Recently, I was reading of a Christian who was struggling with depression. She e-mailed a Christian organization and asked a very succinct question: “Is depression a sin?” Here is an excerpt from the response she received:
“Depression is a product of being self-centered rather than being Christ centered. When one is depressed it is because their focus is wrong. Depression is not greater than the word of God. Nothing is for that matter. Remember that whatever you think about you make bigger in your mind. So as you think about yourself, that will become bigger. If you think about God, he will become bigger in your thoughts.”
As I read that quote, the first thought that comes to mind is, “What a load of drivel!” Other words that occur to me are nonsense, hogwash, poppycock, claptrap, rubbish, rot, balderdash, malarkey, twaddle, and gibberish. It never ceases to amaze me the degree to which certain Christians can manage to sound so spiritual while spouting drivel (there’s that word again). As I read that quote, I wondered, is an amputee guilty of being self-centered? Is that why he’s an amputee? Is a visually-impaired person guilty of forgetting that blindness “is not greater than the word of God?” Does a paraplegic just need to “think about God” in order to walk? Why then do we put depression (along with anxiety, OCD, and other mental disorders) into a separate category?
You may have sensed by this point a little frustration on my part (I suppose I’m too self-centred as well!). The truth is that I am sick and tired of watching people struggling with debilitating disorders such as depression be further victimized by smug Christians who are too lazy to do proper research or too callous to see the damage they are doing to people already struggling under heavy burdens. The fact is that clinical depression is a medical condition that afflicts millions of people. It can be caused by hormonal imbalances, chemical imbalances in the brain, and other physiological causes. A person who has this disorder has a brain (which, after all, is an organ) which is not functioning as it should. And like other medical conditions such as diabetes, heart disease, and high blood pressure, depression needs to be diagnosed and treated by trained professionals.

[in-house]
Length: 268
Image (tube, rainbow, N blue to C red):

The worst thing that can happen to a person struggling with depression is to encounter a smug Christian who informs her that her depression is her own fault and, worse yet, is a sin. Let’s just add a healthy dose of guilt to all the other emotions the depressive is feeling. Who would blame such a person for concluding that God must be angry at her for failing to overcome her sin?
Let me plead with my fellow Christians: If you know someone struggling with mental illness, support them—yes—encourage them—definitely—pray for them—absolutely. But please don’t judge them! You’ll only be adding one more burden to a person already staggering under a heavy load. And if you, yourself, are struggling with mental illness and encounter someone who tries to tell you that all you need to do is repent (or pray… or read your Bible… or have faith… or…), run (don’t walk) as far from him as possible. And, whatever you do, don’t judge yourself! You are ill—and help is available!
Finally, remember these words from Psalm 34:18: “The LORD is close to the brokenhearted and saves those who are crushed in spirit.”